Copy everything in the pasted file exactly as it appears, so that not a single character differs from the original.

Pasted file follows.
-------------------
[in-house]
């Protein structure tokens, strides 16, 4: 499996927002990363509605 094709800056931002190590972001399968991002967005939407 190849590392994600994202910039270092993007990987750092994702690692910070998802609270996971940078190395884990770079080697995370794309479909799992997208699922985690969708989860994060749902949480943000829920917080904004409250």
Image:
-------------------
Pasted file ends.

[in-house]
């Protein structure tokens, strides 16, 4: 499996927002990363509605 094709800056931002190590972001399968991002967005939407 190849590392994600994202910039270092993007990987750092994702690692910070998802609270996971940078190395884990770079080697995370794309479909799992997208699922985690969708989860994060749902949480943000829920917080904004409250």
Image: